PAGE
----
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UK firm gets contract; India gets bad deal
Sumon K Chakrabarti , CNN-IBN
Posted on Sep 21, 2009 at 21:29 | Updated Sep 21, 2009 at 22:02

New Delhi: The Petroleum Ministry wrongly favoured a company in the United Kingdom for supplying fuel markers that were to be used by Indian authorities in detecting fuel adulteration, a CNN-IBN investigation has found.
The Ministry in October 2006 started a project to dye kerosene with a non-removable marker to detect adulteration of automobile fuel. The marker was supplied by the Authentix company, which claims to be a global leader in authentication, at an annual cost of Rs 200 crore.
Within 15 months the project was scrapped and the Central Vigilance Commission (CVC) allegedly found irregularities in the deal with Authentix.
The Central Bureau of Investigation (CBI) last month received a CVC report which points to a high-level scam within the Petroleum Ministry. The report alleges the Authentix marker was selected though tests had revealed that the company’s marker could be tampered with.
The CVC report alleges Authentix was selected for the project arbitrarily and by disregarding norms for issuing contracts. A tender was issued on 28th April 2004 but 20 days before that, on 8th April 2004, three companies were already rejected because their marker was allegedly not tamper-proof.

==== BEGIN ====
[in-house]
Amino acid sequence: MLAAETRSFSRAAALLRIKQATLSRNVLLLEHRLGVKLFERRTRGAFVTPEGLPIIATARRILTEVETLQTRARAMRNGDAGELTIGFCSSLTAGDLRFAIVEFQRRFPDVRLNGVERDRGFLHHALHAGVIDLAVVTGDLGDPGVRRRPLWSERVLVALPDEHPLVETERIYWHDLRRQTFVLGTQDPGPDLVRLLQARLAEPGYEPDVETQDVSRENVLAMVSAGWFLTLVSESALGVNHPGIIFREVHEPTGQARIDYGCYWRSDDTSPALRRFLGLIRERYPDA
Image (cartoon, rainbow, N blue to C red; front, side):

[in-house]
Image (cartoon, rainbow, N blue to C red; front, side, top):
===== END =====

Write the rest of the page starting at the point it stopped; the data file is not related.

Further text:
Authentix was allowed to increase its rates by 55 percent and it was selected for the project--international competitive prices were allegedly never checked.
The cost of the earlier fuel marker was Rs 2,550 per litre, but Authentix sold its product for Rs 13,219 per litre.
The CVC have found that Authentix earlier operated under the name Biocode, which the Petroleum Ministry had rejected because its product failed to meet standard requirements.
The CVC has found that it was decided that the Authentix marker was to be first tried out in New Delhi, but the then Petroleum Secretary M Srinivasan allegedly gave abrupt and oral orders that it would be used across India. The order was allegedly given though marker had failed in the trial stage.
Srinivasan and R S Pandey, who is the current Petroleum Secretary, refused to comment on the allegations against the Ministry. CNN-IBN has learnt that the CBI is planning to question senior Ministry officials about the deal with Authentix.

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